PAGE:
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Paleohydrology and Sedimentology of Lake Missoula Flooding in Eastern Washington

By
Victor R. Baker
Victor R. Baker
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Published:
January 01, 1973

The Missoula floods probably involved the largest discharges of fresh water that have been documented in the geologic record. The Columbia Plateau of eastern Washington contains evidence for flooding in pre-Bull Lake, Bull Lake, and early Pinedale time. Stratigraphic relationships between flood deposits and loess, relict soils on the flood gravel, and radiocarbon dates provide the means for the relative dating of these events.

The early Pinedale flood was the most extensive and left considerable high-water mark evidence in the form of (1) eroded channel margins, (2) highest flood gravel, (3) minor divide crossings, and (4) ice-rafted erratics. The water-surface gradients and channel geometry provide input data for the slope-area and contracted-opening hydraulic calculation procedures. Maximum discharges through scabland channels ranged from 752 × 106 cubic feet per second in the Rathdrum Prairie to 17.5 × 106 cubic feet per second in Rocky Coulee. At these discharges, the ponding of flood water by the Wallula Gap constriction required about a day. The flood’s duration was amazingly short. Even with gradually waning flows, the early Pinedale flood probably lasted only a week or two.

The Greenacres reach, near Spokane, provides the closest approximation to an alluvial reach required for the Einstein bedload calculation. The predicted unit rate of sediment transport, 3,300 lbs/sec/ft-width, is probably too high. This may arise because the laboratory flume studies, on which the Einstein procedure is based, cannot be adequately extrapolated to the huge depth-to-grain-size ratios which characterized the scabland channel geometries.

Flood sediments occur as channel deposits and slack-water deposits. The channel deposits include three main types:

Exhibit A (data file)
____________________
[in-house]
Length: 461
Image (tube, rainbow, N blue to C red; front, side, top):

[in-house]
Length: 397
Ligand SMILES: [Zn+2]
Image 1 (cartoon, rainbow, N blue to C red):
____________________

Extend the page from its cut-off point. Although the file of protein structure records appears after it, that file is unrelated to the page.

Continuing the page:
1. Pendant bars–streamlined mounds of relatively well sorted fore-set-bedded flood gravel; often associated with giant current ripples.

  2. Eddy bars—mounds of poorly sorted flood debris deposited by eddies which formed in alcoves and tributary mouths.

  3. Expansion bars–fore-set-bedded gravels deposited by the decelerating flows just downstream from a constriction; often showing armoring and scour features. The slack-water deposits occur as a sequence of silts and sands in valleys tributary to the main scabland channels. Slack-water deposits in the Tucannon River Valley show primary sedimentary structures which suggest deposition by turbidity flows initiated by transient surges up the tributary valley.

Sixty trains of giant current ripples are recognized in the study area. Mean ripple chords vary from 60 to 425 feet. Mean ripple heights vary from 1.5 to 22 feet. Ripple dimensions correlate to depth, depth-slope product, maximum size of armor, mean flow velocity, and stream power. Correlation coefficients generally exceed 0.7. Correlation coefficients greater than 0.9 occur for the regressions of ripple chord versus depth-slope product and ripple chord versus stream power. These empirical relationships only allow the prediction of hydraulic parameters for the narrow range of flow conditions which characterized the flood reaches containing the giant current ripples.

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GSA Special Papers

Paleohydrology and Sedimentology of Lake Missoula Flooding in Eastern Washington

Victor R. Baker
Victor R. Baker
Search for other works by this author on:
Geological Society of America
Volume
144
ISBN print:
9780813721446
Publication date:
January 01, 1973

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